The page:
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Home | Film Reviews | Film Review: Puppet Master III: Toulon’s Revenge (1991)

Film Review: Puppet Master III: Toulon’s Revenge (1991)

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After hearing that Andre Toulon’s puppets have no strings but rather seem to have a life of their own, Dr. Hess, a Gestapo henchman during World War II, sends the Gestapo to the theater to kidnap them. During the melee, Toulon’s wife Elsa is killed and Toulon is whisked away by the Nazis. However, on the way to headquarters the puppets attack the Gestapo and escape with Toulon. Now Toulon begins to plan his revenge. He creates a new puppet, Six Shooter, models Blade after a pasty-faced Nazi and uses Elsa’s essence to create Leech Woman, Now Toulon’s army is ready to get even and take revenge.


It’s rare that a sequel tops the original, but 1991’s Puppet Master III: Toulon’s Revenge did just that. It’s even more surprising considering it was quickly produced and released a mere 8 months after the second installment. Add to that the fact that it’s actually a prequel, and you have yourself a rare movie that beats the odds.

The film takes place in 1941 Berlin (an immediate error in the series’ continuity, as the original clearly states that Toulon killed himself in 1939). It’s the middle of World War II, and Germany is under the Nazi regime of Adolph Hitler. While most of the country lives in fear of the powerful dictator, local puppeteer Andre Toulon (Guy Rolfe) openly satirizes The Führer in his puppet show.

When Nazi Lt. Eric Stein (Kristopher Logan) witnesses this treasonous act, he reports Toulon to the higher ups. But Stein then finds something even more interesting: Toulon “feeds” a fluorescent green liquid to the puppets, who move freely with no strings. It’s not long before the Gestapo raids the theater. Taking it even further, Major Kraus (Richard Lynch) kills Toulon’s wife, Elsa (Sarah Douglas), before capturing Toulon and the puppets. But, of course, they fight back.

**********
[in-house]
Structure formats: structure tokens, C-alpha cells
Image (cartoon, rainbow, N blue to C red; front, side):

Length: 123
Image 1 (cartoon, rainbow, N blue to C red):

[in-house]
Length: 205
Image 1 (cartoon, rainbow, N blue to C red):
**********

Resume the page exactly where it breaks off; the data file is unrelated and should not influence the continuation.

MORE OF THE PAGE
While the puppets were the bad guys in the first two entries, they are the protagonists in Puppet Master III. What better enemy than Hitler to make the puppets more likeable? (Unfortunately, Hitler himself is not a character in the movie.) As such, it’s not much of a horror movie. Although thematically adult, the classic good-vs.-evil story feels like a children’s movie at times. Thankfully, there’s enough blood and death to offset that.

The film couldn’t logically feature Torch, the standout puppet from Puppet Master II, but it does introduce the six-armed cowboy Six Shooter. A similar puppet was originally conceived for the first film but never made it. It’s good that the idea was revisited, because he became an instant fan favorite and has appeared in most of the Puppet Master movies since. In addition to Six Shooter, the prequel storyline provides additional details about the origin of our pals Blade, Pinhead, Leech Woman, Jester and Tunneler. Leach Woman has a particularly interesting backstory, even if it conflicts with a plot point from Puppet Master II.

Puppet Master III is superior to its predecessors in every way. B-movie maven David DeCoteau (Sorority Babes in the Slimeball Bowl-O-Rama) puts his low budget experience to good use in the picture’s direction. The script, penned by C. Courtney Joyner (Trancers III), is a familiar but creative tale. The production value is improved (thanks, in part, to exteriors shot on the Universal backlot), along with better puppet animation.

It is the acting, however, that marks the biggest improvement. Not every performance is Oscar-worthy, but Rolfe, an old-time British actor, brings a great deal of charm to the film. The cast also includes some recognizable faces, including Superman villain Douglas, James Bond regular Walter Jack Gotell, Battlestar Galactica vet Lynch, Seinfeld character actor Ian Abercrombie, Star Trek: Deep Space Nine’s Aron Eisenberg and B-movie scream queen Michelle Bauer.

A remastered, high definition version of Puppet Master III is available now on Blu-ray for the first time from Full Moon Features. As I said in my recent review of the simultaneously released Puppet Master II, it’s as sharp as the picture has ever looked, even though it’s not the most mind blowing Blu-ray. The disc also features an introduction by creator Charles Band, a commentary from DeCoteau and Joyner, the classic Video Zone behind-the-scenes segment and some promo videos.

The surprisingly ambitious Puppet Master III: Toulon’s Revenge holds up well. I hope Full Moon continues to release high definition remasters of the rest of the Puppet Master series, but none of them top the third installment. For my money, it remains the best in the franchise by a fairly wide margin.

The Puppet Master III is now available as part of the full “Puppet Master Collection” from Echo Bridge Entertainment

Puppet Master III: Toulon’s Revenge (1991)

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